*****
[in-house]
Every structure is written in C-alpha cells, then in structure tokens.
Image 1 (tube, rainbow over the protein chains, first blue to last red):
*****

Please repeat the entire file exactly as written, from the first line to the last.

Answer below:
[in-house]
Every structure is written in C-alpha cells, then in structure tokens.
Image 1 (tube, rainbow over the protein chains, first blue to last red):